(H) Cutting down mangrove trees can cause environmental issues, such as ecosystem destruction. I’ve worked to plant mangroves as a type of environmental conservation. That’s how I found two properties in Okinawa that would make great resorts. They’re both near the water and have lush mangrove forests. One is a plot of land with many mangroves at the mouth of a river on Ishigaki Island, just 10 minutes by car from the airport. I’m going to build raised-floor cottages that won’t be affected by the tides, without cutting down the mangroves. I had a survey done, and learned the bedrock contains volcanic rock and is solid enough for building. We’ve developed a new construction method that involves producing steel-framed, box-shaped rooms at an ironworks in Niigata, then shipping them as-is to Ishigaki. My secretary is testing this concept by taking out a loan to buy a 70-square-meter plot on a slope, where he is going to build a house. It will stick out from the mangrove forest and provide great ocean views. I accompanied him when he signed the contract. When the previous owner saw the building plan, he said, “I shouldn’t have sold!” With the box room method, we should be able to build a six-story hotel.

(M) That’s very interesting.

(H) There’s also a great property on Iriomote Island, spanning about 265,000 square meters in an area where Iriomote cats live. We could build raised-floor structures that provide room for animals to move about. It’s possible to construct resorts that help protect mangrove trees, rivers, and wild animals. Iriomote Island became part of a UNESCO Natural Heritage Site in 2021, but the Hoshino Resorts hotel is its only large-scale resort. I’d love for you to be involved in these plans.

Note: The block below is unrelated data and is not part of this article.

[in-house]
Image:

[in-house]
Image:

(M) Is it easy to get to those sites?

(H) There is a fair number of flights to Ishigaki Airport from the mainland, including Haneda Airport, and also from Naha Airport in Okinawa. It takes about 40 minutes by boat from Ishigaki to Iriomote, and I think a pair of resorts would gain popularity if people wanted to visit both.

(M) I’ve done trolling fishing in Ishigaki.

(H) Fly fishing is even more fun than trolling! There are lots of fishing spots on both islands, and large fish come into the lagoons during high tide. You cast a fly at their shadows and move it about so they think it’s a shrimp or small fish. You should come see these properties and try some fishing, too.

(M) I’ll think about it!

A route with 99 spiritual sites, spanning south from the Noto Peninsula